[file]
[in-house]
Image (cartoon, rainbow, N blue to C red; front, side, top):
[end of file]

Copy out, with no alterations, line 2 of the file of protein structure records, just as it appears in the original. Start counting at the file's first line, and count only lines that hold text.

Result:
Image (cartoon, rainbow, N blue to C red; front, side, top):